New Zealand politicians, both current and former, are mourning the death of former prime minister Mike Moore, who passed away at the age of 71.
Moore, New Zealand's 34th prime minister, was at his home in Auckland when he died overnight, his wife Yvonne said this morning.
Deputy Prime Minister Winston Peters said Moore would be sorely missed by everyone who knew him.
"[He was] one of the great New Zealanders."
Prime Minister Jacinda Ardern said she had last visited Moore just two days ago.
"The world lost a man with a huge intellect, and huge heart today," she said in a statement.
Ardern said he never lost his interest and passion for politics, because he saw it as such an important vehicle for change.
Former prime minister Helen Clark, who was Moore's deputy, said he was a "passionate New Zealander" who spent his life serving New Zealand and its values.
Former Labour finance minister, and friend of Moore's, Michael Cullen told the Herald that the former prime minister needed to be remembered as the "gifted and engaging politician that he was".
"He saw himself as the last true working-class Labour leader and could have been an inspiring prime minister with just a few more votes in the 1993 election."
But Cullen said Moore's later years were marked by an "inability to let grudges go".
"This led him to isolate himself from many former friends and colleagues unnecessarily," Cullen said.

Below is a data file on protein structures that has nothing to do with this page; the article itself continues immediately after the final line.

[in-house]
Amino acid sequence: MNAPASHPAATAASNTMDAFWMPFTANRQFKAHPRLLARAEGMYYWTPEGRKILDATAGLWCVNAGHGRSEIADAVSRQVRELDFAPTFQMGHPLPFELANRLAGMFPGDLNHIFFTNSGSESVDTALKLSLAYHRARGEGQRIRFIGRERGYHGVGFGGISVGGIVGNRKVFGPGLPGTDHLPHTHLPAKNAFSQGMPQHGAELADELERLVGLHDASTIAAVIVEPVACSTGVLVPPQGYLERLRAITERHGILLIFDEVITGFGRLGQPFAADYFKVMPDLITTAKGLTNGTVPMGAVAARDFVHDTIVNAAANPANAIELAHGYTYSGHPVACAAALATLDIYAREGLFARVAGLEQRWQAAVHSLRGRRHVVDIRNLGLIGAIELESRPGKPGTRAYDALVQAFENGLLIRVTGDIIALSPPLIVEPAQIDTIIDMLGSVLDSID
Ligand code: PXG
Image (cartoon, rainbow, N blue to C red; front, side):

Moore suffered a stroke in 2015 when he was New Zealand's ambassador in Washington DC and had been in declining health in recent years.
He was elected to Parliament at age 23 – at the time, one of the youngest MPs in New Zealand's history.
Before becoming prime minister, Moore was New Zealand's foreign minister and later, served as Ambassador to the US.
In 1999, he was appointed the director-general of the World Trade Organisation.
Ardern said his footprint on international trade was large.
"While Mike made his mark is many ways, one of his enduring legacies to New Zealand is the work he did opening up world trade and gaining access for New Zealand exporters to new markets. That was a legacy he also left for the world".
She said Moore never lost his interest and passion for politics because he saw it as such an important vehicle for change.
Peters paid tribute to his service, saying everywhere he went, people saw the passion he had for New Zealand and connecting it to the world.
"The following quote which Mike loved was typical of his world view: 'Well it works in practice, let's see if it works in theory!'"
Former Prime Minister Jenny Shipley said she had a huge amount to do with Moore when she backed his bid for Director-General of WTO.
"I advocated strongly for him in the run up to APEC with a number of key nations. He was a shameless and compelling leader for NZ Inc," she said.
"Mike managed to transcend the line in political terms in his belief in market economies and won enthusiatic support from the left and the right. He believed in inclusive trade policy that carried everyone forward and did it his way."
Shipley said Moore was admired and loved by a wide range of people.
"His devotion to Yvonne and she to him was so clear to all who knew him in their remarkable political partnership. He will missed enormously."